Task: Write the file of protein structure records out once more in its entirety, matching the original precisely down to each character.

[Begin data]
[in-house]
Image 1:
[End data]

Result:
[in-house]
Image 1: